Bonnaroo 2013: The Perlmutter Top 5 Performances
Bonna-freaking-roo... Where to even start? If I can somehow articulate the extent to which it was an adult playpen for 100,000 people on a 400-acre plot in Manchester, TN, then I've done my job. It's amazing how music can unify all different types of people; R Kelly put it perfectly: "We are all here because we love music."
The culture that was Bonnaroo was unparalleled to anything I've ever experienced before.
You could have eaten any kind of food from all over the world, explored awesome art and tapestries (which I bought, ha), and rambled down some infamous Shakedown Streets. Everyone I met was happy to talk about how mind-blown they were after an amazing performance, where they were from, and what story they had to tell. I became boys with my Canadian neighbors, and it turns out the guy with a guitar near my campsite (which I had to find because I was an idiot and didn't bring mine) was from Aurora, Illinois. Excellent?! (That's where Wayne's World was filmed- if you missed the net, shame on you). You spent time with your neighbors not only because you wanted to, but you had plenty of time to because you woke up sweating and stuck to your tent when the sun came up in the morning. It may sound like it sucked, but I couldn’t have cared less and loved it. Literally, you were free to do whatever you wanted to do at Roo. Walking to and from centeroo (the stage area) you'd find people looking for acid, shrooms, weed, and drugs of which I've never even heard. The lawless atmosphere intrigued me, of course, but let's not get carried away here: let's discuss why we were all there.
It's going to be hard to give my "Perlmutter Top 5 performances", if you will, so I'll just pontificate on why you NEED to listen to certain artists. The following are some artists who are blowing the fuck up, who have maintained their talent levels for decades, and who I hadn't heard of or known too well prior to going.
1: Allen Stone. I'd previously heard of Allen Stone for two reasons: I knew they were also touring with Dispatch this summer, so if Brad, Chad, and Pete love them, I knew I definitely would; also, I'd heard from a homie that he killed it at Coachella. I will not say this lightly- CV readers who read my album review this year on Justin Timberlake know that I love him, and it's scary how much Allen Stone reminded me of JT. He grew up singing to soul greats like Marvin Gaye and Stevie Wonder, and you can hear their influences in his voice. He describes his music as “soul-R&B-hippie”, which is pretty accurate. It’s hard not to fall into his charm and dig his tunes. From a performance perspective, he was successfully able to make everyone want to dance on their own, while singing along to his catchy call-and-response songs, such as “Say So” and “Unaware.” I love it when artists have a certain way with the crowd; he was hilarious. He organized a dance-off where he asked the audience to split into two lines, and square off. That was bomb. His voice is unbelievable: full of soul, rhythm and blues. His backing band consisted of a phenomenal jazzy drummer, a smooth-and-silky-playing guitarist, and a great keys/organ player. Download his album right now; usually I need to know songs to enjoy a show at the next level. Without knowing one of his songs, I fell in love with the band. And the coolest thing he did that absolutely blew my mind was that he brought out the Nashville Gospel Choir to cover "Is This Love", by the legend, Bob Marley. I'm such a sucker for gospel choirs. They absolutely destroyed the 5 part harmonies on the chorus leaving everyone's jaw hanging. And over that little piece from heaven, Allen Stone is riffing like you would not believe. His voice seriously reached the upper register and transitioned into falsetto beautifully when he had to. Have I said enough? Go check him out. A+.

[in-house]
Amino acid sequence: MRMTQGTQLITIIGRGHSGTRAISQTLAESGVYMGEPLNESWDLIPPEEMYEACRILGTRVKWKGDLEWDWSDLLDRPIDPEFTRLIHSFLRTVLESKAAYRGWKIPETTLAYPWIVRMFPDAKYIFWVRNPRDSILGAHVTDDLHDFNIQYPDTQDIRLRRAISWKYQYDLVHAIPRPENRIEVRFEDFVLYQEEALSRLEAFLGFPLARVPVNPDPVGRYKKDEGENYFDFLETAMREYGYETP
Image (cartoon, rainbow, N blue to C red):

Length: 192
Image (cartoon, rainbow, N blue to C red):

^ this doesn’t do “Is This Love” justice from the YouTube clip, but just to get an idea of how awesome it was.
2. Paul McCartney. You know, when you see the footage in the 60's of millions of screaming girls running after the Beatles, you say to yourself, "Wow. People are obsessed with these guys." And never did I think I'd have screaming girl syndrome at a show before. But I don't have to lecture CV on why Paul McCartney is one of the best performers of all time, why he's so amazing with the crowd, why the stories he tells on stage are amazing, etc. Here's one he told. He demonstrated how guitars go out of tune when Hendrix used to mess around with the whammy bar and neck. Paul was at a Jimi show, and because his guitar was always getting out of tune from bending, Jimi called out Eric Clapton in the audience. Then, vicariously through Paul's goofy accent, he allegedly said "Hey Eric, can you come tune this for me?" That was one of many anecdotes McCartney went on in between Beatles' classics such as "Eight Days a Week," "Day Tripper," "Get Back," and many more. He also played Wings material as well as some songs from his solo career. "Live and Let Die," was met with fireworks over the stage, which was awesome and got the Roo crew riled up. After close to three hours of melting my face off with three encores, he ended with the infamous Abbey Road medley, which was too perfect to end a show. He will always be my favorite Beatle and it truly was an honor to finally see him kick ass- he's been doing it for 50+ years!
3: R Kelly: I wasn't reluctant to go to this show, but I literally had no expectations. All I wanted from him going into the show was to hear the drunken girl favorite "Ignition Remix," which he opened with and was awesome. But I was completely oblivious to how talented he really is. Every song he started singing completely engaged me. As absurd as his legal history is, his songs are as well. But it almost becomes irrelevant because in between all the singing of sluts, sex, grinding, drinking, etc., you're so blown away by him completely killing it and riffing like you wouldn't believe. Don't get me wrong, I was still shouting, "Pee on me!" from the crowd, but this guy has been around for a while and deserves respect. I had the pleasure of watching the Nashville Gospel Choir once again, as he brought them out for the fan-favorite "I Believe I Can Fly," which was unreal. He's still on the map CV; see him live if you get a chance and you'll better appreciate what R&B truly is.